Friday, March 17, 2006

India and China according to the Bush Doctrine

mar 17th

translation into plain english:

"we yanks are scared shitless of the bloody chinese because they are inscrutable and focused on becoming top dog, and by god, they'll do it by hook or by crook"

"but we yanks know exactly how to bamboozle the indians, with sweet-talk and flattery that appeals to their inferiority complex, and we have them by the cojones"

---------- Forwarded message ----------
From: Ram Narayanan <>
Date: Mar 17, 2006 6:07 AM
Subject: India and China in President Bush's new National Security Strategy --  March 2006**

Dear Rajeev Srinivasan:

The White House yesterday released America's new National Security Strategy March 2006.

It may be recalled that in the previous National Security Strategy document published in September 2002, President Bush had said:

"The United States has undertaken a transformation in its bilateral relationship with India... We are the two largest democracies, committed to political freedom protected by representative government. We have a common interest in the free flow of commerce, including through the vital sea lanes of the Indian Ocean. Finally, we share an interest in fighting terrorism and in creating a strategically stable Asia".

In the latest National Security Strategy March 2006, President Bush says:

"India is a great democracy, and our shared values are the foundation of our good relations..... 

"We have made great strides in transforming America's relationship with India, a major power that shares our commitment to freedom, democracy, and rule of law. In July 2005, we signed a bold agreement – a roadmap to realize the meaningful cooperation that had eluded our two nations for decades. India now is poised to shoulder global obligations in cooperation with the United States in a way befitting a major power".

And this is what the National Security Strategy March 2006 has to say about China:

"China encapsulates Asia's dramatic economic successes, but China's transition remains incomplete. In one generation, China has gone from poverty and isolation to growing integration into the international economic system. China once opposed global institutions; today it is a permanent member of the UNSC and the WTO. As China becomes a global player, it must act as a responsible stakeholder that fulfills its obligations and works with the United States and others to advance the international system that has enabled its success: enforcing the international rules that have helped China lift itself out of a century of economic deprivation, embracing the economic and political standards that go along with that system of rules, and contributing to international stability and security by working with the United States and other major powers. 

"China's leaders proclaim that they have made a decision to walk the transformative path of peaceful development. If China keeps this commitment, the United States will welcome the emergence of a China that is peaceful and prosperous and that cooperates with us to address common challenges and mutual interests. China can make an important contribution to global prosperity and ensure its own prosperity for the longer term if it will rely more on domestic demand and less on global trade imbalances to drive its economic growth. China shares our exposure to the challenges of globalization and other transnational concerns. Mutual interests can guide our cooperation on issues such as terrorism, proliferation, and energy security. We will work to increase our cooperation to combat disease pandemics and reverse environmental degradation.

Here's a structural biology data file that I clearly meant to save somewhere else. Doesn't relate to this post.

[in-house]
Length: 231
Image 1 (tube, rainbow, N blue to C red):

"The United States encourages China to continue down the road of reform and openness, because in this way China's leaders can meet the legitimate needs and aspirations of the Chinese people for liberty, stability, and prosperity. As economic growth continues, China will face a growing demand from its own people to follow the path of East Asia's many modern democracies, adding political freedom to economic freedom. Continuing along this path will contribute to regional and international security.

"China's leaders must realize, however, that they cannot stay on this peaceful path while holding on to old ways of thinking and acting that exacerbate concerns throughout the region and the world. These old ways include:

*Continuing China's military expansion in a non-transparent way; 

*Expanding trade, but acting as if they can somehow "lock up" energy supplies around the world or seek to direct markets rather than opening them up – as if they can follow a mercantilism borrowed from a discredited era; and 

*Supporting resource-rich countries without regard to the misrule at home or misbehavior abroad of those regimes. 

"China and Taiwan must also resolve their differences peacefully, without coercion and without unilateral action by either China or Taiwan.

"Ultimately, China's leaders must see that they cannot let their population increasingly experience the freedoms to buy, sell, and produce, while denying them the rights to assemble, speak, and worship. Only by allowing the Chinese people to enjoy these basic freedoms and universal rights can China honor its own constitution and international commitments and reach its full potential. Our strategy seeks to encourage China to make the right strategic choices for its people, while we hedge against other possibilities".

To read the full text of the National Security Strategy document, please log on to US-India Friendship website at, turn to "Important Issues in US India Relations" and scroll down to the bottom.